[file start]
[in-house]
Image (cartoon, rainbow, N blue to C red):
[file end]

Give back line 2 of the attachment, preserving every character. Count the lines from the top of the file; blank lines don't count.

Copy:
Image (cartoon, rainbow, N blue to C red):